On March 27, 1984 Krugman addressed another letter to Nu-Life referring to several problems with the work at P.S. 100 (Def. Ex. DD). This letter was followed by several other warnings issued by the DSB stating objections to the workmanship and techniques employed by Nu-Life at each of the contract sites (see, e.g., Def. Ex. FF [Krugman letter of April 10, 1984 as to sub-quality painting and plaster work (P.S. 100)]; Def. Ex. JJ [Krugman letter of August 3, 1984 as to use of pneumatic tools in violation of contract (P.S. 132)]; Def. Ex. LL [Sheldon G. Tobak letter of September 7, 1984 to Krugman as to failure to complete work prior to opening of school (J.H. 126)].

 By letter dated September 11, 1984 addressed to Donald Dyer, Acting Deputy Director for Maintenance of DSB, Krugman described some of the difficulties DSB was experiencing with Nu-Life in regard to the work performed at P.S. 100. Based on those difficulties, Krugman recommended that default proceedings be instituted against Nu-Life (Def's Ex. NN). A default proceeding is an administrative process by which a contractor is determined to be in breach of its obligations under its contracts. On or about September 17, 1984, Dyer requested that the Office of Contract Compliance hold Nu-Life in default with regard to the contract for P.S. 100.

 On October 1, 1984, Krugman again recommended to Dyer that Nu-Life be placed in default, this time in connection with the work performed at P.S. 132 and J.H. 126. Krugman noted that, in his opinion, the personnel utilized by the contractor were unqualified (Def's Ex. QQ).

 By letter dated October 2, 1984, Paul Damigos requested an additional 90 days to complete the work at P.S. 132, in accordance with the contract specifications (Def's Ex. PP). He attributed the delay, in part, to a lack of cooperation of the part of Dobrowolski and the custodians in the schools.

 In a letter dated October 9, 1984, Paul Damigos complained to Krugman that Inspectors Trapanotto and Dobrowolski disapproved payment for work performed at P.S. 100. Damigos asserted that the inspectors were "bias [sic] against us because of personal reasons". Damigos concluded by demanding a meeting and he informed Krugman that Nu-Life would "take all steps necessary to protect [its] interests, and [would] hold [Krugman] personally responsible for damages" (Def's Ex. RR).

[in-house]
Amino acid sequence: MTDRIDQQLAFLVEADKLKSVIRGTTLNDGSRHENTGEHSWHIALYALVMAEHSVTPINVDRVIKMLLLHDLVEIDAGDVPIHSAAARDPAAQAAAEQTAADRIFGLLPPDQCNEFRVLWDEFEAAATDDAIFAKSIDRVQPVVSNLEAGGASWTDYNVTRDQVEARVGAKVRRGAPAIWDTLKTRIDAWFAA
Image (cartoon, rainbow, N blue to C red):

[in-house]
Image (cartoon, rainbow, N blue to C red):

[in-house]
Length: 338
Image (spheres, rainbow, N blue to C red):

On October 22, 1984 Anthony Damigos met with Executive Director Borg, and informed him of the attempts to extort money from Nu-Life. The following day, in a memorandum dated October 23, 1984, Borg brought this complaint to the attention of Michael Sofarelli, the Board's Inspector General. Borg suggested that the matter be investigated. However, he also stated that there was a possibility that Nu-Life was performing substandard work and that the problems it was experiencing with the inspectors actually stemmed from poor workmanship (Def's Ex. SS).

 Borg also contacted Joyce Brauer, a Board lawyer and Special Assistant to the Executive Director of the Office of Contract Compliance, on or about October 23, 1984, to verify whether a Board of Review had been recommended. A "Board of Review" involves the investigation of a contractor's performance under a contract to determine whether a finding of default is justified. Brauer confirmed that such a review had been recommended (Tr. p. 4505). Borg expressed his concern that the charges raised by Nu-Life were merely a "smoke screen" intended to obfuscate the underlying problem of faulty workmanship.

 In order to determine whether Nu-Life was performing substandard work, Borg asked Carl Grunow, a special inspector from the Contract Compliance Unit, to investigate Nu-Life's work at P.S. 132. Grunow, who was not part of the DSB regular workforce in the field, determined that Nu-Life's work was grossly substandard (Tr. p. 4422).

 In addition, in October 1984, the Bureau of Maintenance recommended that Nu-Life be placed in default with regard to its contracts for work at P.S. 132 and J.H. 126 (Brauer Aff. P 12). These requests were held in abeyance pending clearing by Inspector General Sofarelli. In early November 1984 the Office of Contract Compliance received clearance from the Inspector General's office to proceed with the default. In response to this action, on November 27, 1984, Nu-Life filed the first of seven lawsuits against the Board and various employees. on December 3, 1984 the first Board of Review was commenced, to investigate complaints lodged against Nu-Life concerning the poor quality of its workmanship (Def. Ex. Z [Letter from Joyce Brauer to I. William Spivak]).